All About Space - - Fu­ture Of The So­lar Sys­tem -

Due to the Sun’s weak­en­ing grav­ity, the or­bits of the plan­ets will spi­ral out­wards. The ef­fect won’t be enough to save Mer­cury or Venus if they are still near their cur­rent or­bits, but it might be enough to save Earth – if not for an­other twist in the tale.

“As the Sun ex­pands and loses mass, its ro­ta­tion rate slows down,” says Smith. “By the time it is 200-times larger than its cur­rent ra­dius, its ro­ta­tion pe­riod will be 2,500 years in­stead of one month. For Earth this has a dras­tic con­se­quence: as it or­bits past a Sun whose sur­face is now rather close, it raises a tidal bulge on the Sun’s sur­face.

As it moves ahead of the bulge, this ex­erts a tidal drag on Earth, caus­ing it to lose en­ergy and spi­ral in to­wards the Sun. In­ter­ac­tion with the Sun’s out­er­most at­mos­phere in­tro­duces a fur­ther drag force – the com­bined ef­fect of these two forces is enough to cause a fa­tal spi­ral into the Sun, and the va­por­i­sa­tion of Earth.”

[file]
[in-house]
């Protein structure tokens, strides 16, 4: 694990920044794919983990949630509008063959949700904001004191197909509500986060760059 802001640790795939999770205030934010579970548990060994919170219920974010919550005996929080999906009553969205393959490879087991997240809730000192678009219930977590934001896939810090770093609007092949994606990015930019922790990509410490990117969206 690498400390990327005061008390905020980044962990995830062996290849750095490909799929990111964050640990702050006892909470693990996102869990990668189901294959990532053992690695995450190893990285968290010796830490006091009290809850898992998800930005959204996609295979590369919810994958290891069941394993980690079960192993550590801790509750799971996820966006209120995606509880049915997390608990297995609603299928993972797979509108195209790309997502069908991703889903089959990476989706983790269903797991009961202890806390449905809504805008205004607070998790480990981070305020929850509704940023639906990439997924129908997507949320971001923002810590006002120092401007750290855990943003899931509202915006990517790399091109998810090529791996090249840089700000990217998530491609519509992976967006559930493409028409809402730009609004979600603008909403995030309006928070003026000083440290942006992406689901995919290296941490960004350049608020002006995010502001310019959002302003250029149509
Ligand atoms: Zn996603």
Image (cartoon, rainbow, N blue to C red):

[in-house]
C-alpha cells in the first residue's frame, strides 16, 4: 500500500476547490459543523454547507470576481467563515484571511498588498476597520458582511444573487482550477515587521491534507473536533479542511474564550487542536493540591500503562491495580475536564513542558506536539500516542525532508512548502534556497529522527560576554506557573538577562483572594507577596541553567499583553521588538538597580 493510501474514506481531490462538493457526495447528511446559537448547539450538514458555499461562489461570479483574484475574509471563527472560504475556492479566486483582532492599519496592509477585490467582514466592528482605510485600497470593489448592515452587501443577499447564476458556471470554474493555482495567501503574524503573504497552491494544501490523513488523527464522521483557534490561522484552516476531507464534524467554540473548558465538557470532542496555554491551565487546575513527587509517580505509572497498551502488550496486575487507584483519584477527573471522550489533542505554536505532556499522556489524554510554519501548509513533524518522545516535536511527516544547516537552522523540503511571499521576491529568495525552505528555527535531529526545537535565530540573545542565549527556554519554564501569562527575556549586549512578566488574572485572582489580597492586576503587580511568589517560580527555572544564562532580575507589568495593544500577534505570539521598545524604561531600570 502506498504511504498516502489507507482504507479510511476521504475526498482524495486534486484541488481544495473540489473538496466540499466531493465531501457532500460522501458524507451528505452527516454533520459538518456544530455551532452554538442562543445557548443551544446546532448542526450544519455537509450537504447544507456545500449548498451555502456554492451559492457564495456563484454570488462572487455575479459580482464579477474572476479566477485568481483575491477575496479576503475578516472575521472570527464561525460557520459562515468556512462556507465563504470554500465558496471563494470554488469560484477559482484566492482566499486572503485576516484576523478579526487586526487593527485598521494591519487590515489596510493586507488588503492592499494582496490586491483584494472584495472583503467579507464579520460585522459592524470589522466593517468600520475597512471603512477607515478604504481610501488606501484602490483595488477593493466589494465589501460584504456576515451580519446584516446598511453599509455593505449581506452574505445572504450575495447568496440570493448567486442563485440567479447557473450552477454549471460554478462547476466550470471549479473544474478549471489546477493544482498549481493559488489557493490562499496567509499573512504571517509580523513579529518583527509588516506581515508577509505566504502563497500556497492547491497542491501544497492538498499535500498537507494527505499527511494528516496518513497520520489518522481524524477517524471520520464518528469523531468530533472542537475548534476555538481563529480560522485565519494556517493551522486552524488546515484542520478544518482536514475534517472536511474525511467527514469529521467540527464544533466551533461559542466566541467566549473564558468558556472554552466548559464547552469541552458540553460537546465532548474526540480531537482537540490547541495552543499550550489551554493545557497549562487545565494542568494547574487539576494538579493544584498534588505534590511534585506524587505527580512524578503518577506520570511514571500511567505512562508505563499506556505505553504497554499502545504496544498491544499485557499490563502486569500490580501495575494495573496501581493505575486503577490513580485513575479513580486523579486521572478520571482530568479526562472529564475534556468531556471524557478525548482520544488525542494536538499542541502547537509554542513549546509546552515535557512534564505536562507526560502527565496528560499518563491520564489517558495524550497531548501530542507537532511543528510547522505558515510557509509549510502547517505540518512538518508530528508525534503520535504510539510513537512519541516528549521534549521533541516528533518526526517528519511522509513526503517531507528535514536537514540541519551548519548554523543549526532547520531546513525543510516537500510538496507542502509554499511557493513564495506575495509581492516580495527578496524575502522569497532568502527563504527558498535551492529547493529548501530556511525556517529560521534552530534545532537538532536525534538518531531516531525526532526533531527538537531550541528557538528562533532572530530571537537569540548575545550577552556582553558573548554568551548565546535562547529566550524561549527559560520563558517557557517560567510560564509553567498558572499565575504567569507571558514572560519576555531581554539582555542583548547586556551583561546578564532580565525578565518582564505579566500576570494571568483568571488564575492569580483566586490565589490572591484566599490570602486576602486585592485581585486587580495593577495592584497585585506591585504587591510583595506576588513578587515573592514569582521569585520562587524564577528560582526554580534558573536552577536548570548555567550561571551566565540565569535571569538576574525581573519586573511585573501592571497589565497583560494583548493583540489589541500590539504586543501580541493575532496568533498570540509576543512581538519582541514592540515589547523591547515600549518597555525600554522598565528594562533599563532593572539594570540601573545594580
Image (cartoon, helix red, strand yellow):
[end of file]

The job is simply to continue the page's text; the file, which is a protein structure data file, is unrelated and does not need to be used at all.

Earth, it seems, is doomed by a very sim­i­lar ef­fect to that which is cur­rently pulling Pho­bos to its fate. But what would be the ef­fect of these dra­matic changes fur­ther out in the So­lar Sys­tem? “The in­creased lu­mi­nos­ity of the Sun means that all the plan­ets also heat up, with some of them be­com­ing po­ten­tially hab­it­able,” ex­plains Smith.

“There is a hab­it­able zone in the So­lar Sys­tem in the form of a ring, which cur­rently only in­cludes Earth near its in­ner edge. As the Sun bright­ens the hab­it­able zone will ex­pand, leav­ing Earth be­hind in about 1 bil­lion years. Un­for­tu­nately the hab­it­able zone moves rather slowly for most of the Sun’s red gi­ant evo­lu­tion, speed­ing up only in the last half­bil­lion years be­fore he­lium ig­ni­tion. This means that Mars, for ex­am­ple, will only en­ter the hab­it­able zone 6 bil­lion years af­ter Earth leaves it, and will stay in it for 100 mil­lion years.”

Such pe­ri­ods are far too short for any life to evolve and take ad­van­tage of them, and be­fore the hab­it­able zone can reach the outer edge of the So­lar Sys­tem, the Sun will un­dergo an­other dra­matic change. An event called the he­lium flash will see the core reignite, fus­ing he­lium into heav­ier el­e­ments. As its in­ter­nal struc­ture changes, our star will be­come much less lu­mi­nous and shrink back rapidly, tak­ing the hab­it­able zone with it. He­lium burn­ing may last for about 100 mil­lion years be­fore the core’s sup­ply of that fuel is also ex­hausted.